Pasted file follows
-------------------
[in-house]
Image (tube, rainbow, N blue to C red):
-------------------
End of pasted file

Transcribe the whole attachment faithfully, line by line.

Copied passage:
[in-house]
Image (tube, rainbow, N blue to C red):